Good morning. Good Monday. Good markets. Welcome back to the week ahead on Wall Street and a look at what investors need to know for the next five days.
March was a weird month for the market. We started out riding the wave of the "Trump Bump" before things got derailed. A midmonth blizzard in the East sent things into disarray, and we closed out with a whole lot of uncertainty.
What's an investor to do? Or, more to the point, to watch?
Where the jobs are
The economy is at a crossroads. Are things as good as everyone seems to think , or as ho-hum as the actual data show? A couple economic reports will help discern hope from reality.
Most importantly, of course, we'll see where the job market stands when the monthly payrolls report comes out Friday.
Economists expect to see 177,500 new jobs for March, which would be consistent with the longer-term trend but a step down from the 227,000 in February . Wages also will be watched closely, with the annual trend expected to show a 2.7 percent increase. The unemployment rate is likely to hold steady, according to estimates compiled by FactSet.
Be forewarned: The March numbers could be a little fuzzy because of distortions from the storm. Still, the market will be watching closely.
Not much is at risk except ...
The Trump presidency stakes much of its legitimacy on the ability to get the economy cranking again after a long run of lackluster growth since the Great Recession. There was much ballyhoo after the February numbers came out well ahead of expectations, but a miss this month could halt that momentum.
If expectations for economic growth start to slow, that could take the air out of the stock market, at least in the United States. Those growing predictions for a coming "correction" — which technically is defined as a 10 percent drop in the market — could start to look a little smarter.
Nearly 1 in 3 market pros now think a near-term correction is in the cards, according to last week's Investors Intelligence survey. One respondent to a separate sentiment gauge, the American Association of Individual Investors, had this to say:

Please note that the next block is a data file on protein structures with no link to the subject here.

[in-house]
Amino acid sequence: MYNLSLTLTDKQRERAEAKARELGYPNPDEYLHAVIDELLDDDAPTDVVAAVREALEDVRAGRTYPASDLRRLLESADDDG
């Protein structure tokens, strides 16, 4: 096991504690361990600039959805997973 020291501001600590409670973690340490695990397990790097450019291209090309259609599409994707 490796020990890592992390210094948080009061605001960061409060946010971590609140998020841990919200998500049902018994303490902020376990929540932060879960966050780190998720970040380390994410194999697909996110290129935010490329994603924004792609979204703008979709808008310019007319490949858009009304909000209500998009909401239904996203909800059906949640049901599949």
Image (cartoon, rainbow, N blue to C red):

"A large correction is very likely in the coming months and is the reason that I am currently neutral over the next six months rather than bullish. Bullish is my current long-term position, however."
There's more economic data out this week that will help paint the picture as well: Manufacturing on Monday, durable goods orders and the trade balance on Tuesday and growth in the nonmanufacturing sector Wednesday.
Also, we'll get a little better look inside the Federal Reserve's collective thinking Wednesday when the central bank releases the minutes from its March 14-15 meeting. As you'll recall, Fed officials hiked rates a quarter point, and the minutes will help give some insight into why they did what they did.
President Donald Trump meets with Chinese President Xi Jinping on Monday and Tuesday. Trump already has predicted a "very difficult" meeting, which is almost always a self-fulfilling prophecy. The markets may not like it if things get too testy.
Cowen and Co.
And across the pond, the European Parliament will be debating a resolution on Brexit negotiations Wednesday. The market hasn't reacted much to Brexit talk since a mild implosion last summer when the U.K. vote to leave the European Union actually took place, but it's always worth keeping an eye on.